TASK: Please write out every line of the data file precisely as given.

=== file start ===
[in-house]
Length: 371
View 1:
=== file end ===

[in-house]
Length: 371
View 1: